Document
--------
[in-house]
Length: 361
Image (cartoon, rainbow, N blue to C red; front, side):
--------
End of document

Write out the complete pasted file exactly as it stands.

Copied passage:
[in-house]
Length: 361
Image (cartoon, rainbow, N blue to C red; front, side):